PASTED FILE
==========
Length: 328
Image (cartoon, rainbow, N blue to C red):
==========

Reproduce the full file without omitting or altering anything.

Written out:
Length: 328
Image (cartoon, rainbow, N blue to C red):